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Allan David Stephen Barr (A. D. S. Barr) (11 September 1930 – 11 February 2018) was a British Chartered Engineer who was a professor at the University of Aberdeen.
Barr was selected as Fellow of the Royal Society of Edinburgh in 1983.
Allan David Stephen Barr was born on 11 September 1930, in Glasgow, Scotland, son of Allan and Agnes Barr. His father, Allan Barr, was a Professor, a theologian and a moderator of the United Free Church of Scotland. (David, Barr, 2018) His grandfather, Rev James Barr, was elected as the first moderator of the United Free Church of Scotland in 1929.
Barr was educated at the University of Edinburgh, where he studied mechanical engineering in the early 1950s. In May 1956 he submitted his PhD thesis in the title “Approximate theories for the flexural vibration of uniform beams and their derivation from the general elastic equations”.
In this theis, Barr described experimental work on three deep rectangular sectioned beams against theories of flexural vibration. He first introduced how this experiment had been conducted,
“The approximate theories of flexural vibration dealt with in the thesis are those in which the problem is reduced to the solution of a differential equation with one dependent variable (the transverse displacement of the neutral line of the beam) by a process of making reasonable assumptions during the derivation of the equation, In order to facilitate comparisons of the effects of the various assumptions made in the different theories, the differential equations are derived from the general elastic equilibrium equations written in terms of the stress components.”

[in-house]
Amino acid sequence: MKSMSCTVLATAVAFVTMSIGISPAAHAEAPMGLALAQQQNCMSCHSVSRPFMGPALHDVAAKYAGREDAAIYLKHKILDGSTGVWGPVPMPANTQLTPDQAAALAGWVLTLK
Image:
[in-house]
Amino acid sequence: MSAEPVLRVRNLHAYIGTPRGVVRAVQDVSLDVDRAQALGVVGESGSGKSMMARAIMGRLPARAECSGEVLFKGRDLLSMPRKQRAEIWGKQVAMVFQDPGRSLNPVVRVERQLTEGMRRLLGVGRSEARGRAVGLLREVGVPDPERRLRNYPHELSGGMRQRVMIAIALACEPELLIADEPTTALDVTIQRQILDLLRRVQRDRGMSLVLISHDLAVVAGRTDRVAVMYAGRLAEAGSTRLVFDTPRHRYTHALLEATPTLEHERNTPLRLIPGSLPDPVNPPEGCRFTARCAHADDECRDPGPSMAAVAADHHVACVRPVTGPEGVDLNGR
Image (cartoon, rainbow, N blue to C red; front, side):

He went on,
“Particular attention is given to the equation which includes the effects of rotatory inertia and transverse shear (usually referred to as the Timoshenko equation) because of Its interesting prediction for a finite beam of the possible existence of more than one natural frequency with the same number of nodes (i.e, a second spectrum of frequencies).”
Barr then reported his research findings that “the predictions of the Timoshenko theory are closely followed, including the second spectrum frequencies. Third spectrum frequencies are detected very faintly for only one of the three beams, this is probably because lateral inertia is relatively unimportant for a cross-section of deep rectangular form”.
Barr's research was supervised by R. N. Arnold and J. D. Robson, and this was acknowledged in his thesis.
Barr worked as an academic and a researcher in mechanical engineering at different universities, for example, the University of Edinburgh, University of Dundee, as a lecturer, Reader, Head of the Department of Mechanical Engineering, Dean of the Faculty of Engineering and Applied Science. When he retired from the University of Aberdeen in 1996, he was Emeritus Professor of Engineering.
As an academician, Barr successfully supervised research students. For example, Haxton acknowledged his gratitude to Barr in his PhD thesis submitted to the University of Edinburgh in 1971, noting that "The author wishes to gratefully acknowledge the valuable guidance given by his supervisor, Dr. A.D.S. Barr of the Department of Mechanical Engineering, and the Studentship support of the Science Research Council, London, during the period of this research."
Barr had a broad range of interests, including “flying as a member of the University Air Squadron, motorcycle racing, music, painting, fly fishing and nature conservation,”
Barr died from dementia in Lincoln on 11 February 2018.